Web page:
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Discussion Starter · #1 · (Edited)
Two new motor mounts with Paul Spruell reinforcementrs in a 1969 Alfa Spider Veloce, FRAP upper arm pressed out with A-arm lower bushings and HarborFreight $55 dollar 20% off press utilized, new tie rods, castor bushings, Koni shocks set to firm, etc etc ONE Sunday burned, CAUTION, this is what you might look like.

There WERE times I thought I was hosed and wouldn't be able to get the new motor mounts in, IT IS NOT for the feint of heart or tool challenged individual. You do need ingenuity and Dutch stubbornness that you will succeed.
 

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Wait a minute...we need a "before" picture to really access the danger! :)

I've had to toss out a few shirts and pants in the past couple of years due to excess foreign matter. I simply consider it a sign of progress with my projects.
 

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Hey, how come the mirror image?
Only noticed because the 'G' on the Gatorade label is backwards.
Good work.
 

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Discussion Starter · #6 · (Edited)
Especially different: 1) the SPICA main fuel filter cannister has to be removed to take out the 22mm head, 24mm nut bolt that holds the upper arm to the body 2) I had to make a small notch in the left motor mount to the right of the bolt (not the stud hole, the bolt hole) to slide it in 3)although the a-arm bushings do slide in, and I read the horror stories about the FRAP-O bushings failing (thank you Alfa-bbr's for the warning!)the silicon like material around the green circular tension spring has to be trimmed off flush with the inner metal to slide it in. If this sounds confusing, when you look at the bushing you will see what I mean immediately. Just a razor blade and it takes ten seconds.4) the oil filter cannister has to be removed to get to the lower left nut on the engine from below 5) put the bolts and nuts on the motor mounts on the first mount but do not tighten down, leave them in a secure position, but don't tighten them down until all the fasteners are in place 5) you need a 2x4 or other forgiving material and a sledge to smack down the motor mounts to align holes or a long implement of some sort to lever. Do not lose control of your sledge obviously. 6) the Paul Spruell aluminum caps raise the main iron of the mounts and this concerned me, but I was still able to accomplish the motor mount exchange 7) Remember to eyeball your pieces so they are more or less the same length of the adjustable pieces you take out (adjustable upper arm and castor rod) until you can get to the alignment shop. 8) The Harbor Freight $65 (minus 20% off coupon) press is poorly designed, I bent it because it didn't have enough throw. I bought it because of the size, it will be fine when I add the proper length metal in my redesign. I'll post a picture if I get to it. It worked and I slogged ahead, but it isn't properly designed to add the sockets and attendant length to press out the bushings. 9) You need a fine bottle of wine when you are done and don't plan this on other than a day in the NW when it's not going to be sunny outside, you will need all the cheer you can muster when the going gets depressing :) Good luck and God Bless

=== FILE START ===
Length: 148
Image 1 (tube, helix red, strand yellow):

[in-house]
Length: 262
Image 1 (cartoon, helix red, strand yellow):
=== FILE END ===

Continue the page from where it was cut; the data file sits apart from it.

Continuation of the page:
I set the Koni Classics to max firm, I'll see if it's OK
 

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Dr. G:

I have the same press I think and bent mine as well (using the bottom pieces of metal to hold the bottom socket instead of the "c-channels". I would be interested to see the fix you have planned.

As for the stylish automotive wear, I've been there several times (actually much worse than your pic) but am getting close to having all the really nasty areas cleaned up. My wife has been pretty good about it but when they are really, really bad I just throw the shirts away.

Glad to hear about the stubborn streak - it is a requirement for these cars I think!
 
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